Sport games are off to a good start on the Vita and the trend continues with Sega’s Virtua Tennis 4: World Tour Edition. This game is almost identical to the PS3 version, which is certainly no bad thing. In fact, I’d go as far as to recommend this version over the PS3 one as the gameplay is better suited to the stop/start nature of handhelds, not that you can’t lose yourself for hours as well.
Graphically the game is on a par with the big consoles and has even inherited the dodgy likenesses. Take Djokovic, they’ve nailed the geeky haircut, but there’s something unsettling about his face. Oh and talking of unsettling, wait until I tell you about putting your own face into the game later on. It’s a bit Silence of the Lambs (see the third picture below).
Gameplay hasn’t really changed in years for the VT series, which allows you to jump in straight away, but may put off regular purchases. The familiar button set up allows regular shots, slices, lobs and drop shots. VT4 added special shots, unlocked by building up a metre that would vary between player types. Countering players, hard-hitters and defensive are some examples, with shots favouring their style filling up their metres, giving them momentum and courage to go for more flamboyant moves and eventually a one-off shot that should be unmatchable. These shots are quite returnable though if you’re on the same side of the court and if you’re only playing two set matches you may find you don’t even have time to fill it once.
Players often have a hesitancy to just smash a ball, especially when you’re at the net, which can be incredibly frustrating. For all the training minigames, there’s very little helpful information on how to play better shots, other than stand in the right place and hold down the shot button for more power. Cheers guys. Other tennis games have started to include indicators after every shot, grading your timing so you can get better, it would be nice to get a little feedback here too.
Well, let’s give you a quick look at the Vita-exclusive features of the game. A minigame has you tilting the Vita to rock a galleon ship from side to side so you can aim at its targets. A top-down tennis game allows two players to share one screen in a take on tennis that’s similar to air hockey. Drag your player around using the touchscreen and tap it to shoot. There isn’t much scope for accuracy, but as a bit of fun for ten minutes it’s a fine inclusion.
Single matches can be played in first-person using motion control to move your head, with foot movement and shots being handled as normal. It works well and can be very immersive, particularly when you charge the net. Crucially, it’s a million times better than the awful first-person PS Move options from the PS3 version.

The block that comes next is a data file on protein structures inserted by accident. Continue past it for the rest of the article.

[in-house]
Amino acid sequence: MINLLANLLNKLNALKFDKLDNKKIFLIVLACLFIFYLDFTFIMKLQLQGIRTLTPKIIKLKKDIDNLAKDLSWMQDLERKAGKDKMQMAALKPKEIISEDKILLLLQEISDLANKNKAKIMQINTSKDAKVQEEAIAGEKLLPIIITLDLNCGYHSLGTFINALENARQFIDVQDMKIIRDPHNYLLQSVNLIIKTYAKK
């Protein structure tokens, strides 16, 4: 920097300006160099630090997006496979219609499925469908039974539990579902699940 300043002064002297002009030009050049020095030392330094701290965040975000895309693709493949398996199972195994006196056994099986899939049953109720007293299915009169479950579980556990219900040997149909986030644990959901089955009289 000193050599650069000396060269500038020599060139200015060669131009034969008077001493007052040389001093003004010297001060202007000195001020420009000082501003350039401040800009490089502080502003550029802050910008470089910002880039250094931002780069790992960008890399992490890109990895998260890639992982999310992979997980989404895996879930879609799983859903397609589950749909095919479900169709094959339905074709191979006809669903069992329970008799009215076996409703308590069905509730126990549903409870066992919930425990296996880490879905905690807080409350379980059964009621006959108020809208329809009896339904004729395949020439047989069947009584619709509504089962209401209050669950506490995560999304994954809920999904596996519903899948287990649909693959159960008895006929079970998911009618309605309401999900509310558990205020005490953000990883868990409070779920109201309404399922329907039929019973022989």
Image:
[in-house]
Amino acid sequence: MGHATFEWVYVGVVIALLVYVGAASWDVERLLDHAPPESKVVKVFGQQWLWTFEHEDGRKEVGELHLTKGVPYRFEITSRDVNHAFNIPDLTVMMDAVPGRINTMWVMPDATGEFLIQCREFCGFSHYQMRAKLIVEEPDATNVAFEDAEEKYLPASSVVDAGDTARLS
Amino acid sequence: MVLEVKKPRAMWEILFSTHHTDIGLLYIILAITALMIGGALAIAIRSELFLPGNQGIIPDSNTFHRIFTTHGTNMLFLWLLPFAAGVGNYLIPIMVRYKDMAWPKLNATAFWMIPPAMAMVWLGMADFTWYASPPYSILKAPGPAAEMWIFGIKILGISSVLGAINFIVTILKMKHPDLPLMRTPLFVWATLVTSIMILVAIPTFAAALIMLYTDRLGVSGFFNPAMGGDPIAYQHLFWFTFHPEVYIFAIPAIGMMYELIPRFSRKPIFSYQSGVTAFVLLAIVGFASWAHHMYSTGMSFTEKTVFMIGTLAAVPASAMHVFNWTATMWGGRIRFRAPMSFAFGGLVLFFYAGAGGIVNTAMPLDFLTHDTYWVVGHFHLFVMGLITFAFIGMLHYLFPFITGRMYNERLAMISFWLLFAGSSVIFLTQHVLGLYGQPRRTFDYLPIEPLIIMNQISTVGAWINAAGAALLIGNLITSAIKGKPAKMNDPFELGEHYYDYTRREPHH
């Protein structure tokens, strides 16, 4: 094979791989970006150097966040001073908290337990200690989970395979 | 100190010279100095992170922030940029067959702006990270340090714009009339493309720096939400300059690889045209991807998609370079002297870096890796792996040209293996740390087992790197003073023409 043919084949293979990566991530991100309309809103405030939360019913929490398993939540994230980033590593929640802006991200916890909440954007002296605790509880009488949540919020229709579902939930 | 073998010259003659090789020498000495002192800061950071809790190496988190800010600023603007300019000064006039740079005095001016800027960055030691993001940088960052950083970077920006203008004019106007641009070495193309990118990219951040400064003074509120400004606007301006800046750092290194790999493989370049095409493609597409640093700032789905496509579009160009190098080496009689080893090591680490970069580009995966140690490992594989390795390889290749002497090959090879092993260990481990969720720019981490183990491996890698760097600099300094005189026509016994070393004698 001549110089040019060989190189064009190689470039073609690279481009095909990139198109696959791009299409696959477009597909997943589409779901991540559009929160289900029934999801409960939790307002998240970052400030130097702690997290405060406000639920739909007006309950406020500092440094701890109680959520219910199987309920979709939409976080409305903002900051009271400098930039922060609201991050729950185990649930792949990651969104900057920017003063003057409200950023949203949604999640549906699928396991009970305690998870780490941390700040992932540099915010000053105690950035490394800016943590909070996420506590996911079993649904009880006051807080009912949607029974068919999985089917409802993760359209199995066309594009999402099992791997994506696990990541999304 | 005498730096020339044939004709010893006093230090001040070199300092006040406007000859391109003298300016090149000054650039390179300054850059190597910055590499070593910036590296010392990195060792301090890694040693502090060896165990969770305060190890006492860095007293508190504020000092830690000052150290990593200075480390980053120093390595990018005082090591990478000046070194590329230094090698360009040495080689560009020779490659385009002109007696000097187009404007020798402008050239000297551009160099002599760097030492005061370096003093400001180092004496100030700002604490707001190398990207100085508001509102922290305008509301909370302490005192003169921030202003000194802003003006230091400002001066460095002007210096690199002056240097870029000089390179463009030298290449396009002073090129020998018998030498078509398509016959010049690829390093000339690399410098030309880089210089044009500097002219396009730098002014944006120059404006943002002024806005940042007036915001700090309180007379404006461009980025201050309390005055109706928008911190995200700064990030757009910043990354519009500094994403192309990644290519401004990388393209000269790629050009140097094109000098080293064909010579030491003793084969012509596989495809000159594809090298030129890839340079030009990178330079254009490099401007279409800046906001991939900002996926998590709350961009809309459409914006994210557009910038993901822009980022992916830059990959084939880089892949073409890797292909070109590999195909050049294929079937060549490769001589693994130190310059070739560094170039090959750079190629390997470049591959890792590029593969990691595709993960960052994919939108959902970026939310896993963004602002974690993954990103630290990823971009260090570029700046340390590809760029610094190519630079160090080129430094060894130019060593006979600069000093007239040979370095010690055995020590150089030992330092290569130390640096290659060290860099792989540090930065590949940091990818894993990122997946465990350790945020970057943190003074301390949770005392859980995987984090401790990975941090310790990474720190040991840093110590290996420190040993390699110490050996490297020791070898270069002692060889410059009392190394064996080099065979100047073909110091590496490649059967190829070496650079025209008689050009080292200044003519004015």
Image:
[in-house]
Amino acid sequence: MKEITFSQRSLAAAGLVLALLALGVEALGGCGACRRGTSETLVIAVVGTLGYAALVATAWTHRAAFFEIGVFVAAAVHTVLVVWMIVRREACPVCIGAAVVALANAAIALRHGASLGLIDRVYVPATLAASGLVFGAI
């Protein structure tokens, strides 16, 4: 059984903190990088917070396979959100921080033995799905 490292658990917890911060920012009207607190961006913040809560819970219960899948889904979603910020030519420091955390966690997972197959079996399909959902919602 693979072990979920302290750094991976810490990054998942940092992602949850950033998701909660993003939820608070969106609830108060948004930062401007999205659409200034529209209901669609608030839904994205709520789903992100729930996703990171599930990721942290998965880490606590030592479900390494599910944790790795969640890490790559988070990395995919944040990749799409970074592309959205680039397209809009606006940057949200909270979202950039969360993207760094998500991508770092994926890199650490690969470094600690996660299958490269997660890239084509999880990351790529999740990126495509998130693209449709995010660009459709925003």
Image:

Touchscreen menus are optional as are in-game touches. They’re reasonably responsive, but you’re never going to get the same standard of play as the buttons and stick provide, so why bother? A hybrid of analogue and touchscreen inputs fares better, but most players will try a few matches before shrugging and going back to traditional controls.
The game consists of the standard exhibition, arcade, practice, online and minigames options. So after a few exhibition matches to make sure the game works you’ll find yourself eagerly diving into the excellent career mode.
First of all you’ll need to create a character, either from the regular options or with the Vita’s camera. A quick self-portrait snap and there it is, you’re roughly hacked off face laid out on this tight-short-wearing psychopath. It looks hideous, but very funny. Thankfully you can mess around with a few colour options to try and get a similar skin tone to the body underneath. The capture only takes the flattest area of your face, so there’s quite a bad disconnect, but tweak it, add some hair and maybe a bit of stubble and you’ll look almost normal. It’s far from perfect, but at least it managed to be fun and amusing. I’m going to add everyone I know.
The game shares the board-game feel of the console’s career mode with random tokens allowing you to travel along a set number of places at a time. The spots you land on could entail a training minigames, a match or tournament, fan meet, injury or rest. This adds a real tactical edge to the series that it was crying out for. Not being able to rest at any time is still quite annoying, especially when you have a big tournament coming up, but planning ahead is all part of the challenge. As far as avoiding the monotony of match after match in most sports game’s career modes, Virtua Tennis 4 is one of the best titles out there.
Multiplayer stands up very well. I wasn’t able to try out the ad-hoc (local multiplayer) games between two Vita’s, but the online matches were silky smooth with players from around the globe always keen to line-up and guffaw at another British failure. Player data from your career character can be uploaded to a server to compete against players on your behalf in the career mode which is a cool touch, although you’ll have no control over them.
- Excellent career mode
- Amusing photo options for create-a-player
- Gameplay feels like a better fit here than the consoles
- Some player likenesses are a bit unnerving
- Still no shot timing indicators
- PS3/360 version is cheaper
The Short Version: Yes this great tennis game, but the PS3 version is only £10 now. I have both, and to be honest I think the Vita version works so much better. It’s a better fit with handheld gaming and the smooth controls and excellent career mode mean you can play it for five minutes or five hours.